Navigation Links
Study Finds Older Male Scientists Likelier to Commit Research Fraud
Date:1/22/2013

TUESDAY, Jan. 22 (HealthDay News) -- Male and older scientists are more likely than female and younger colleagues to commit research misconduct, according to a new study.

Researchers analyzed data from the U.S. Office of Research Integrity, which investigates allegations of misconduct in research funded by the U.S. Department of Health and Human Services. Misconduct includes violations such as fabrication, falsification and plagiarism.

Of about 230 people who committed scientific misconduct between 1994 and 2012, 66 percent were men. The disparity in research misconduct between men and women was highest among senior scientists, according to the study, which was published Jan. 22 in the online journal mBio.

"Not only are men committing more research misconduct, senior men are most likely to do so," study co-author Joan Bennett, of Rutgers University in New Jersey, said in a journal news release.

A combination of social, cultural and biological factors may explain why male scientists are more likely to commit misconduct than female colleagues, the study authors said.

The researchers said they were surprised that the misconduct was not confined mostly to younger scientists trying to make a name for themselves.

"When you look at the numbers, you see that the problem of misconduct carries through the entire career of scientists," study co-author Arturo Casadevall, of Albert Einstein College of Medicine in New York City, said in the news release. "Faculty (32 percent) and other research personnel (28 percent) represented a total of 60 percent of cases, whereas students (16 percent) and postdoctoral fellows (25 percent) were sanctioned in only 41 percent of cases."

The "winner-take-all" reward system and the pressure to find research funding are among the reasons scientists commit misconduct, and also why many women get out of research, Bennett said.

"Many women are totally turned off by the maneuverings and starkly competitive way of the academic workplace," she said. "Cheating on the system is just one of many factors that induce women to leave academia and seek professional careers in other environments."

More information

The U.S. National Institute of Environmental Health Sciences provides a Research Ethics Timeline.

-- Robert Preidt

SOURCE: mBio, news release, Jan. 22, 2013


'/>"/>
Copyright©2012 ScoutNews,LLC.
All rights reserved  

Related medicine news :

1. Study suggests increased diagnosis rate of attention-deficit/hyperactivity disorder at health plan
2. Study finds childhood diagnosis of ADHD increased dramatically over 9-year period
3. Study Finds Nearly Half of U.S. Kids Are Under-Vaccinated
4. Study Links Long-Term Aspirin Use With Vision Loss
5. Omega XL Reports New Independent Study:Omega-3s Help Heal Bedsores In Critically Ill
6. New Study Finds Eating More Produce Boosts Mental Health, Underscores Value of Health Enhancement Systems Approach
7. Being Boss at Home May Undermine Womens Ambition at Work: Study
8. Patient Education Helps Prevent Overuse of Antibiotics for Cough, Study Finds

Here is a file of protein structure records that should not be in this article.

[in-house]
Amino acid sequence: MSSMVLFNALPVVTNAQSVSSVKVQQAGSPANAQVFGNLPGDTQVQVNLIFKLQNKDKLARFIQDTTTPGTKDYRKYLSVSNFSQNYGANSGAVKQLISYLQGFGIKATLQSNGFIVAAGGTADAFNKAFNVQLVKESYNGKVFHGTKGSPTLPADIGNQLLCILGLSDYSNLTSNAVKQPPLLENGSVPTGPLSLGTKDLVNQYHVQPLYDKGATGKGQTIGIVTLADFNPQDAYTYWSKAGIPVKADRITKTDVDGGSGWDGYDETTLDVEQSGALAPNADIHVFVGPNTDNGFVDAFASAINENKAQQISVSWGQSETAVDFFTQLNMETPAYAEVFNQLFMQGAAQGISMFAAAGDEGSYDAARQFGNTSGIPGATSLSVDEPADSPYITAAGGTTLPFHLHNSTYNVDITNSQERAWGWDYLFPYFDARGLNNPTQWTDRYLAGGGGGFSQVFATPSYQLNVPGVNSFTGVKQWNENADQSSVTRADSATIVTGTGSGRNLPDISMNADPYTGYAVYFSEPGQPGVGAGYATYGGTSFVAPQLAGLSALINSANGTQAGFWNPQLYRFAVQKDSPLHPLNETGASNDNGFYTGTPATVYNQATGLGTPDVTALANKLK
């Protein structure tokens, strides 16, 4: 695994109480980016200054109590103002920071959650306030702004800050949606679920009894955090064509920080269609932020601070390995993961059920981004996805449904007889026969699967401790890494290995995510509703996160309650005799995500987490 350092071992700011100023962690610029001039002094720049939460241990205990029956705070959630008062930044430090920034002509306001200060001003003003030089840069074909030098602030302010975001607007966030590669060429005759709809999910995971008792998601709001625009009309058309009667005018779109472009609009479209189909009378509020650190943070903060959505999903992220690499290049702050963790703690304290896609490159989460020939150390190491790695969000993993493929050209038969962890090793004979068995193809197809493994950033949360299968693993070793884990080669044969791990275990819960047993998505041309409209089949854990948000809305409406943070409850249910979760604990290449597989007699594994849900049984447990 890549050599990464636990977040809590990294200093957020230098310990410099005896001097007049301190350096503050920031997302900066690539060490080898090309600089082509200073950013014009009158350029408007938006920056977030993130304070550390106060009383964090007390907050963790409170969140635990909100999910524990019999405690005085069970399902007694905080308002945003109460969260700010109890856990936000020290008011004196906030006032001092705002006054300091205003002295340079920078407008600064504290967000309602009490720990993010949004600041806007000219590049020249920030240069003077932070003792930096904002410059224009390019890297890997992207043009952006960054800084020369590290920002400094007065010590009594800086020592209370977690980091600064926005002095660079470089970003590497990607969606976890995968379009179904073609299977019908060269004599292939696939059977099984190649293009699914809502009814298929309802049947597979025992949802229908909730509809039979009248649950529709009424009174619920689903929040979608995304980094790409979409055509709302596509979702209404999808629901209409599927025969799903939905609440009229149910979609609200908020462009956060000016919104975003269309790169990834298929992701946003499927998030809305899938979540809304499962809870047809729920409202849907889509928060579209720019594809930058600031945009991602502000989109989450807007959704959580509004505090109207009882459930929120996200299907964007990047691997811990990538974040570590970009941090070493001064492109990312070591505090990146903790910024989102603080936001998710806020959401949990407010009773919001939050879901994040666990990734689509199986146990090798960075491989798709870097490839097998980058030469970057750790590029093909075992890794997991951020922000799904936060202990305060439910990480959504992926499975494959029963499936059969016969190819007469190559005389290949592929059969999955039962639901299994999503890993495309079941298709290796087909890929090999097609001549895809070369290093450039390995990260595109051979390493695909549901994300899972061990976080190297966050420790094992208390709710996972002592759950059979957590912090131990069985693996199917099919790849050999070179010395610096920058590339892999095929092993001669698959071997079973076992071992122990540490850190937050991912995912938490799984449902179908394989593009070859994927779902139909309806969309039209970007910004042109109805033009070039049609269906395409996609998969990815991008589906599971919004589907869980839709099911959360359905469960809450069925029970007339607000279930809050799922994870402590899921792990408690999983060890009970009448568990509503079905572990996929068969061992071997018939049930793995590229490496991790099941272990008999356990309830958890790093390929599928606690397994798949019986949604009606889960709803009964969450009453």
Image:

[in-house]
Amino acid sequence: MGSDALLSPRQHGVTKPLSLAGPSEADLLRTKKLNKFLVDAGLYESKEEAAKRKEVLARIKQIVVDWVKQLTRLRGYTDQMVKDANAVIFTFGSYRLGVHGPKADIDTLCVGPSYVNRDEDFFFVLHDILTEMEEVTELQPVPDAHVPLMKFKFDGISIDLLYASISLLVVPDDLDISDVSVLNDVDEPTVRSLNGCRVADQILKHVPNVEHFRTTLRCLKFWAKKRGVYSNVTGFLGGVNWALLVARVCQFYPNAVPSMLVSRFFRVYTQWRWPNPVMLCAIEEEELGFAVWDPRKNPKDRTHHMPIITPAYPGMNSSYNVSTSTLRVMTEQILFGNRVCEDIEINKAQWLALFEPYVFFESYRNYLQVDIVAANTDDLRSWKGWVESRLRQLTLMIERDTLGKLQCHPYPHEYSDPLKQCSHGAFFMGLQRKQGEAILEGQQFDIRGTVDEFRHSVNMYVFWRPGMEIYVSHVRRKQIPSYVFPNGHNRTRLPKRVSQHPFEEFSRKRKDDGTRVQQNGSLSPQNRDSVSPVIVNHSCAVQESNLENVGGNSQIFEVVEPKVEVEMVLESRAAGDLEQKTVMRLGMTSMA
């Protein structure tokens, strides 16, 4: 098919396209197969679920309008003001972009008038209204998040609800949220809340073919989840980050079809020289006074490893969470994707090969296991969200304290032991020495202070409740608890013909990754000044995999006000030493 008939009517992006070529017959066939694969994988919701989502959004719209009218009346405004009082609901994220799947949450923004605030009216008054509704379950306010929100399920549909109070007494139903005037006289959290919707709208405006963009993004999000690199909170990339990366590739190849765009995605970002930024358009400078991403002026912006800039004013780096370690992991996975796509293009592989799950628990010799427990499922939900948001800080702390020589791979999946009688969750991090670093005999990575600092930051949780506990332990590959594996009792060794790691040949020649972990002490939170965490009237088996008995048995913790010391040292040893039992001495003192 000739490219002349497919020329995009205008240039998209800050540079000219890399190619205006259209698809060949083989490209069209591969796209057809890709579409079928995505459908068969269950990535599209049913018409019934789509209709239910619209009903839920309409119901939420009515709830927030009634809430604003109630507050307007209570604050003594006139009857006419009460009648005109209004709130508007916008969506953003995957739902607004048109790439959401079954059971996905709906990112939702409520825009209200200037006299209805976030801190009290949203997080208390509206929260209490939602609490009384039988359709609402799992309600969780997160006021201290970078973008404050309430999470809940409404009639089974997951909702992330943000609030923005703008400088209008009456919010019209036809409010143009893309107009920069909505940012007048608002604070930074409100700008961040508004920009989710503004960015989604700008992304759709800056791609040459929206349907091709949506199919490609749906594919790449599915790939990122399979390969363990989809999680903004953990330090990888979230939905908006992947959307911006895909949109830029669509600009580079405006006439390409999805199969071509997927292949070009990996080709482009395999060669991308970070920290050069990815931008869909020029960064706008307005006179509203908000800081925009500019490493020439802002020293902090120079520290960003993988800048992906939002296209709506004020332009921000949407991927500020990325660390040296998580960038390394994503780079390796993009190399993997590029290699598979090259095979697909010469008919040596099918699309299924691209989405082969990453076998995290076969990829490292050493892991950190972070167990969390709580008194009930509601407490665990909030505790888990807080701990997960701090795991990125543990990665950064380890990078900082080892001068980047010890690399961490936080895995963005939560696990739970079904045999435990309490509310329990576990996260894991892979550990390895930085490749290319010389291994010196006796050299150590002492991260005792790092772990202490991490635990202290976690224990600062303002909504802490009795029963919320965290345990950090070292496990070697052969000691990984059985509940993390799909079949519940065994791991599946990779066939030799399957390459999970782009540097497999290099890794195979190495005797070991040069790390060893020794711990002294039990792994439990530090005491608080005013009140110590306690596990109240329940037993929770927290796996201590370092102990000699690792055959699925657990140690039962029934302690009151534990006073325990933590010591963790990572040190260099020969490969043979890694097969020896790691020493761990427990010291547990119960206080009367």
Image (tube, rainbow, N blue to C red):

9. TB Drug Shortages Put U.S. Patients in Peril, Study Finds
10. PTSD Can Hamper Drug Treatment for Stroke Survivors: Study
11. Weight Gain a Risk After Knee Replacement, Study Finds
Post Your Comments:
*Name:
*Comment:
*Email:
Related Image:
Study Finds Older Male Scientists Likelier to Commit Research Fraud
(Date:6/25/2016)... ... June 25, 2016 , ... "With 30 hand-drawn hand gesture animations, FCPX users ... - CEO of Pixel Film Studios. , ProHand Cartoon’s package transforms over 1,300 ... Pro X . Simply select a ProHand generator and drag it above media or ...
(Date:6/25/2016)... Montreal, Canada (PRWEB) , ... June 25, 2016 , ... ... the pursuit of success. In terms of the latter, setting the bar too high ... low, risk more than just slow progress toward their goal. , Research from ...
(Date:6/24/2016)... Texas (PRWEB) , ... June 24, 2016 , ... ... International Conference and Scientific Sessions in Dallas that it will receive two significant ... of the grants came as PHA marked its 25th anniversary by recognizing patients, ...
(Date:6/24/2016)... Plano, TX (PRWEB) , ... June 24, 2016 , ... ... taking part in Genome magazine’s Code Talker Award, an essay contest in which patients ... for an award to be presented at the 2016 National Society of Genetic Counselors ...
(Date:6/24/2016)... ... June 24, 2016 , ... National recruitment firm ... sciences executive with extensive sequencing and genomics experience, as Vice President of North American ... Hill will be responsible for leading the sales team in the commercialization of the ...
Breaking Medicine News(10 mins):
(Date:6/24/2016)... -- Research and Markets has announced the addition ... report to their offering. ... The World Market for Companion Diagnostics covers the world ... in the report includes the following: , ... by Region (N. America, EU, ROW), 2015-2020 , World ...
(Date:6/23/2016)... June 23, 2016  MedSource announced today that ... e-clinical software solution of choice.  This latest decision ... value to their clients by offering a state-of-the-art ... relationship establishes nowEDC as the EDC platform of ... full-service clients.  "nowEDC has long been a preferred ...
(Date:6/23/2016)... June 23, 2016 Roche (SIX: RO, ROG; ... for its Elecsys BRAHMS PCT (procalcitonin) assay as a ... septic shock. With this clearance, Roche is the first ... integrated solution for sepsis risk assessment and management. ... infection and PCT levels in blood can aid clinicians ...
Breaking Medicine Technology: